In the award-winning book The Global Interior: Mineral Frontiers and American Power, Megan Black traces the activities of the US Department of the Interior from its founding in 1849 to the 1980s, showing how a government organ best known for managing domestic natural resources became a key site of soft power that supported and projected American power globally, particularly enabling the […]
The dice are loaded in the game to survive global heating. We need a radical plan to win, write Klaudia Chmielowska and Rod Dowler.
War-games are old hat. Destroying a tank, a battalion, even an army, pales to insignificance compared to laying waste to an entire planet in the global heating game. Let us say, the dial to climate catastrophe […]
Where urban planning is concerned, the conventional wisdom is that more compact cities are greener. While this may be the case for greenhouse gas emissions, new research on US cities from Sefi Roth and Felipe Carozzi find that denser cities are also more likely to have greater concentrations of harmful air pollution which can be detrimental to human health and well-being.
Air pollution is bad for us. We all […]
We must move away from the language of cost, hardship and sacrifice, and towards innovation, growth and investment opportunities, writes Josh Burke.
Wartime rhetoric, especially harking back to World War II, pervades public discourse in many fields. In the UK, this is currently a device associated particularly with the Brexit ‘debate’. But here and around the world such emotive framing […]
Alleviating climate change by moving to a carbon-neutral economy will not come without cost – those employed in carbon-intensive industries are likely to experience job losses and dislocation, and this can have electoral implications for those that represent them. By studying 2009’s American Clean Energy and Security Act, Daniel Yuichi Kono finds that lawmakers who represented districts with more […]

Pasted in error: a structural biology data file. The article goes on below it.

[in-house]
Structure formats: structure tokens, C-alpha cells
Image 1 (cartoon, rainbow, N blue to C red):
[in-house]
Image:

Stringent environmental regulation explains most of the decrease in pollution emissions from US manufacturing, write Joseph S. Shapiro and Reed Walker.
In the 1960s, there were worries that U.S. economic growth would lead to increasingly dangerous levels of pollution, and that by the year 2000, air pollution would make cities like Los Angeles and New York uninhabitable. Instead, U.S. air […]
In Down to Earth: Politics in the New Climatic Regime, Bruno Latour explores the political and philosophical challenges proper to a time defined by an environmental and socio-economic crisis. Rodrigo Muñoz-González welcomes this energetic, compelling and provocative attempt to find an alternative vision to the contradictory and flawed project of modernity.
Down to Earth: Politics in the New Climatic Regime. Bruno Latour (trans. by Catherine […]
Policies combining fees and rebates perform consistently better than others even in different market environments, write Isis Durrmeyer and Mario Samano.
Throughout the world there have been efforts to reduce gasoline consumption and carbon emissions by changing the cost per mile traveled. One of the reasons to justify such efforts is the concern that emissions from conventional vehicles, which is […]
Agricultural products are still traded with a generic tariff code that doesn’t differentiate biodegradable from non-biodegradable ones, writes Amanda Rosalia Aranda Novoa.
A key issue in the fight against climate change and for environmental protection is how to facilitate market access to environmental products (agricultural and non-agricultural ones). The world trading system has an alternative mechanism that can be very useful in that […]
In Bad Environmentalism: Irony and Irreverence in the Ecological Age, Nicole Seymour turns attention away from despair at climate change and environmental devastation to instead look at gestures and responses rooted in the comical, the silly and the ridiculous and their capacity to offer sites of resistance. This is a powerful example of humanities scholarship that makes a forceful intervention into […]